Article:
Dogs doing drugs

Marijuana (KSN File Photo)

SEATTLE, Washington (KING) – Since the legalization of recreational marijuana, emergency clinic veterinarians have reported an increase in animal THC toxicity.

On a busy month, they can treat up to 30 new cases.

“A busy week, I’ve seen 10-12 cases,” said Dr. Nathanial Stewart of Pacific Avenue Animal Hospital. “I saw a Beagle once that ate an entire zip-lock baggie full of marijuana buds.”

Last week, 14-week old “Monkus” arrived at Affordable Animal Emergency Clinic in Auburn.

“Lying in her own vomit, shaking,” her owner Aleah Helmbrecht explained. “Her eyes were bright red…She was wobbly and couldn’t stand up right.”

Like any puppy, Monkus loves to eat anything she finds, but Helmbrecht never figured the Daschund-terrier mix found her aunt’s cannabis.

“[You could] also smell from her breath that it smelled like marijuana,” Dr. Ruby Donnaway. “There are weeks where we’re pretty much seeing it every single night.”

Monkus was given medication that forced her to vomit, as well as liquid charcoal to help her pass any remaining plant particles.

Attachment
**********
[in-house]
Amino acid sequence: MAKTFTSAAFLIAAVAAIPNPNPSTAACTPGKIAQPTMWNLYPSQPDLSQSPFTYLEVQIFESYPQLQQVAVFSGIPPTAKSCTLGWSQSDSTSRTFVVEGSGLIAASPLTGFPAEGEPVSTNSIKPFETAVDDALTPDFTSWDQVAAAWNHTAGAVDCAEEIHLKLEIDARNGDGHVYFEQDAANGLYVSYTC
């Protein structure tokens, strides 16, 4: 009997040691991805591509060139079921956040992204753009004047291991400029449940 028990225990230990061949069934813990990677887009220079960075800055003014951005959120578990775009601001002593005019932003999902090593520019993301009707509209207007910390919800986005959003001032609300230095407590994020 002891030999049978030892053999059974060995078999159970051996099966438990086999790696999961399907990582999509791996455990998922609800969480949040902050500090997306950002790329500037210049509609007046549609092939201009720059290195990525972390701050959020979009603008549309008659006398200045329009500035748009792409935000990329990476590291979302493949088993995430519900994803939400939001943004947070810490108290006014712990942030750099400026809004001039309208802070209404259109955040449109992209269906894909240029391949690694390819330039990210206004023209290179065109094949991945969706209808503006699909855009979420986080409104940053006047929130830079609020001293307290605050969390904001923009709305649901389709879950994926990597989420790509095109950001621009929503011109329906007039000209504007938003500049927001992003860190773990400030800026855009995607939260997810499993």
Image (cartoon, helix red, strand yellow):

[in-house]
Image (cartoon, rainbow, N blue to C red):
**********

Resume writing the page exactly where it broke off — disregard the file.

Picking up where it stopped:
Dr. Donnaway estimates they’ve seen the number of THC-positive animals, mostly dogs, double in the last year.

“I don’t know if it’s an increase in the amount of cases or people are more willing to let us know,” she said.

As the edible market grows more popular, an ever diverse list of ingredients makes products more appealing to the senses.

“Nobody wants to be chewing on weeds,” said Delta 9 Owner Stephanie Viskovich.

Now, products include far more options than brownies. The packaging and labeling has also grown more safety-conscious.

“Any infused product should be treated as a medicine, not as a baked good to be hanging around,” Viskovich said.

According to Dr. Donnaway, the lethal cannabis dose for dogs is 3 grams per kilogram of animal weight.

“It can trigger seizures, coma, or even death,” said Dr. Stewart.

Most animal THC cases, vets say, can be treated if the symptoms are caught early. They recommend owners bring their pets to a vet immediately if they suspect marijuana toxicity.

Helmbrecht’s aunt, a cancer patient, smokes marijuana to help with her treatment. Now, the pup’s entire family practices better cannabis control.

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